Jesse Livermore - Boy Plunger: The Man Who Sold America Short in 1929

Jesse Livermore - Boy Plunger: The Man Who Sold America Short in 1929



The Pequod Review:

Jesse Livermore - Boy Plunger is not merely a superb biography of the great 1920s-1930s Wall Street trader; it is one of the finest books (ever) about trading in general. Tom Rubython recounts Livermore's life and career in intelligent and even gripping detail, culminating in his famous short trade that netted him $100 million in profits in October 1929. The best parts of the book describe Livermore's growing understanding of markets and of his own strengths and weaknesses as a trader. Here for example is an excerpt on Livermore's early career in bucket shops:

Livermore believed his lack of real success was an inability to grasp that fundamental difference between a gambler and a speculator. He realized he was still in the bucket shop mind-set and was a million miles away from the techniques of men like Sage. Eventually, after a couple of years, Livermore did believe he had worked out the changes he needed to make in his trading style and to define whether he was a speculator or a gambler.

In his own mind, he defined that the gambling instinct was what he called “betting on fluctuations” and genuine speculating was “anticipating advances and declines”. It had taken him over ten years to work out that relatively simple lesson of life. But it made a huge difference to him from that point on. Now he just needed to put it into practice, and that would take time as well. He was mightily relieved and vowed he would never forget what he had learned and become a gambler again: “Before I can solve a problem, I found I must state it to myself. When I think I have found the solution, I must prove I am right. I know of only one way to prove it and that is with my own money.”

He was continually looking for an edge, a break in the upward trend where he could go short, then long, and make a killing. He constantly researched the burgeoning railways sector and read all the trade reports he could find. His chance came again with the big railway stocks. By then, he had $ 10,000 capital, which he could leverage up to $ 50,000, and maybe double that with the permission of the house. He saw a break and then reversed himself and made $ 50,000 profit in less than a week. But then he managed to lose almost exactly the same amount when he tried something similar. This continued for many months as he gradually accumulated capital, but it was an agonisingly slow process.

It made him hungry for more. He knew that the market never went up in a straight line but in steps. So he waited for a short-term reversal and then the rally he was sure would come.

This style of trading continued throughout the boom, and sometimes he won and sometimes he lost. He literally trod water in New York for four years, holidaying and enjoying himself as much as he worked whilst he tried to establish that elusive trading technique by which he could consistently make money.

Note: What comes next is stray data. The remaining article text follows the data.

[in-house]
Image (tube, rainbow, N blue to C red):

Livermore never dreamed it would take as long as four years, but it did. As he ruminated to Edwin Lefevre: “Slow as my progress seems now, I suppose I learned as fast as I could, considering that I was making money on balance.” He was also, by his own admission, over cautious and too anxious. He admitted being obsessed with “curbing his youthful impetuousness.”

But a bull market was raging and impetuousness in those conditions was a real asset. However, he ruefully conceded: “I made my mind up to be wise and play carefully and conservatively. Everyone knew that the way to do it was to take profits and buy back your stocks on reactions. And this is precisely what I did, or rather what I tried to do. I often took profits and waited for a reaction that never came. As I saw my stock go kiting up ten points or more, I was sitting there with my four-point profit safe in my conservative pocket. They say you never go poor taking profits but neither do you grow rich taking a four-point profit in a bull market. When I should have made $ 20,000 I made $ 2,000, and that is what my conservatism did for me.”

Livermore cursed himself when that happened and rued the days when he frequently cashed out of winning positions prematurely in a bull market because he was determined not to lose his roll. As he told Lefevre 10 years afterwards: “It was never my thinking that made big money for me; it was always my sitting. Got that? My sitting tight. It is no trick at all to be right on the market. Men who can be both right and sit tight are uncommon. I found it one of the hardest things to learn. But it is only after a stock operator has grasped this, can he make big money..."

Livermore was brutally honest about his out-of-character behavior for four years between 1902 and 1906, when it seemed he continually sold out long before a market move was finished. He broke all his own rules continually in the name of conservatism. He admitted that he was drifting and the lack of success or failure lulled his senses: “If I had lost oftener perhaps it might have spurred me to more continuous study. Studying my winning ways I discovered that, although I was often 100 per cent right on the market, that is, my diagnosis of conditions and general trend, I was not making as much money as my market “rightness” entitled me to. Why wasn’t I?”

The question gnawed at his mind for close on four years. 

Jesse Livermore was loosely profiled in the classic 1923 book Reminiscences of a Stock Operator, but Boy Plunger is superior in most ways. It is one of the great books about the psychological mindset of trading — the emotions, the instincts, the impulsiveness, and ultimately the self-destructiveness common to top performers in the field. Highly recommended.